The Argument of Abortion - Philosophy Essay

1107 Words Nov 30th, 2010 5 Pages
The Argument of Abortion - Philosophy Essay

The Argument of Abortion - Philosophy Essay
In On the Moral and Legal Status of Abortion, Mary Anne Warren discusses a few arguments against abortion, namely bringing into play whether the fetus is actually a person, or “not a member of the moral community”. She

defends that abortion is a morally sound action. Don Marquis, in his essay An Argument that Abortion is Wrong, takes the opposite stance. He claims “that abortion, except perhaps in rare instances, is seriously wrong”.
The first thing we read in Warren’s article is the thought experiment first conceived by Judith Thomson. It’s an analogy that uses a normal person, male or female, and a famous violinist. Let’s say the Society
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The same goes for aborted fetuses—they had a future that would be valued but it was taken away from them.
Warren also argues that a woman has a right to life, so she can make a decision that she sees fit, since her body belongs to her and only her. In response to this, Marquis says that, except during rape (when he believes it is permissible), a fetus has just as much of a right to life as the woman, and therefore an abortion is wrong.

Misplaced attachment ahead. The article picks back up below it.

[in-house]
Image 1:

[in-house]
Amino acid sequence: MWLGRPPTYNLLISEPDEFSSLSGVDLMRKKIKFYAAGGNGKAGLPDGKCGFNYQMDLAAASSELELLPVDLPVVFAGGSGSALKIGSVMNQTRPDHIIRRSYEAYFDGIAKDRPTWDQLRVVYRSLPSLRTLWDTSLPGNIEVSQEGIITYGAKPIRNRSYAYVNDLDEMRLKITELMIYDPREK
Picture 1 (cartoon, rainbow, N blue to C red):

Marquis concludes that abortion is seriously wrong, except in unusual cases (rape, incest, and possible death of the mother). Depriving an FLO shows how wrong killing an adult is, and since fetuses have an FLO, killing them is just as bad. Warren concludes that fetuses are neither persons nor members of the moral community. She does not think that the fetus’s resemblance to a person nor the potential for becoming a person is a good enough claim to say it has an equal right to life.
Marquis agrees with Warren inasmuch as the pregnancy is due to rape or other unusual condition, so there is no argument there. The argument over personhood is a much better one, and I think that both sides have a very strong position and arguments. On one side there is the lack of human traits to make a fetus a person, and on the other there is a biological definition of life which occurs at conception. It is nearly impossible to determine who’s argument is stronger, because I can see how both sides can work. As for the woman’s rights, I think again it

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